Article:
An interesting aspect of the data collection in this paper is the apparently low rate of response to the survey requests. The survey was sent out to ASOHNS members on two occasions and yet the response rate remained relatively low at 28%. This response rate is not inconsistent with previously published rates to online medical surveys (25,26) though does raise the question of how best to obtain valid, representative response rates in an era of “survey fatigue”.
As outlined in this manuscript the CLOSE algorithm outlines and aims to identify the main areas of concern in the pre-operative work-up of a patient undergoing ESS. It is of note, and was mentioned by several respondents that the omission of notation of anatomic variations does not necessarily imply the absence thereof in the patient’s anatomy, nor does it effectively communicate that the reporting radiologist has considered the areas in question and appraised them as being normal. It is therefore the authors’ opinion that that these high-risk anatomic areas should ideally all be succinctly mentioned in any report, with more detail described as and when the need arises. The authors acknowledge that the radiological report for paranasal sinuses has a broader potential audience than solely for the otolaryngology/ENT community and appreciate that as such there may be times that it may be seen as excessive to report on high-risk surgical areas when imaging has been requested by a General Practitioner. In response we would argue the ideal report would remain general enough for interpretation by a non-specialist readership but still contain the high yield surgical information with the use of the CLOSE system, in a fashion similar to the way the TiRADs system for Thryoid Ultrasound has been widely incorporated whilst still allowing for traditional descriptive reporting of thyroid nodules.
In this study we aimed to emphasise the importance of assessment and reporting of high-risk surgical areas in reporting of the preoperative imaging in patients with paranasal sinus disease. The study and survey highlight perceived deficiencies (from the surgeons’ perspective) with regards to the formal reporting of CT scans of the sinuses and in particular the absence of reporting of surgical high-risk areas, as well as anatomic variations in patients. As with any other complex medical/surgical conditions, a multi-disciplinary approach to clinical care is ideal in order to optimise patient outcomes and we believe a more formalised approach to the reporting of CT-sinuses, highlighting high risk areas and anatomical variant would ultimately enhance the pre-operative assessment of patients with CRS and other paranasal sinus disease.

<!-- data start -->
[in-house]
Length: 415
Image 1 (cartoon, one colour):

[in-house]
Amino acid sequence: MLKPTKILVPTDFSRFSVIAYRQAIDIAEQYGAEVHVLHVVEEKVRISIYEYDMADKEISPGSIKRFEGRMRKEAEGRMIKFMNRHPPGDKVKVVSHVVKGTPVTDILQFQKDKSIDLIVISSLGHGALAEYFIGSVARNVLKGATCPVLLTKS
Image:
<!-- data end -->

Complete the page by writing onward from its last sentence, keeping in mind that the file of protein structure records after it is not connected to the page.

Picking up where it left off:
Reporting Checklist: The authors have completed the TREND reporting checklist. Available at https://ajo.amegroups.com/article/view/10.21037/ajo-20-85/rc
Data Sharing Statement: Available at https://ajo.amegroups.com/article/view/10.21037/ajo-20-85/dss
Peer Review File: Available at https://ajo.amegroups.com/article/view/10.21037/ajo-20-85/prf
Conflicts of Interest: All authors have completed the ICMJE uniform disclosure form (available at https://ajo.amegroups.com/article/view/10.21037/ajo-20-85/coif). The authors have no conflicts of interest to declare.
Ethical Statement: The authors are accountable for all aspects of this work and ensure that questions related to the accuracy or integrity of any part of the work were appropriately investigated and resolved. The study was conducted in accordance with the Declaration of Helsinki (as revised in 2013). Ethics approval was obtained from Ipswich Hospital HREC (No. EC00184) as well as being approved by the ASOHNS executive. All respondents were fully informed of the voluntary nature of this study and completion of the survey was deemed a demonstration of consent to participate in this research.
Open Access Statement: This is an Open Access article distributed in accordance with the Creative Commons Attribution-NonCommercial-NoDerivs 4.0 International License (CC BY-NC-ND 4.0), which permits the non-commercial replication and distribution of the article with the strict proviso that no changes or edits are made and the original work is properly cited (including links to both the formal publication through the relevant DOI and the license). See: https://creativecommons.org/licenses/by-nc-nd/4.0/.
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Cite this article as: Cadd B, Khatri H, Mohr S, Oosthuizen JC. Radiological reporting of CT paranasal sinuses: CLOSE to the mark? The Australian otolaryngologists’ perspective. Aust J Otolaryngol 2022;5:3.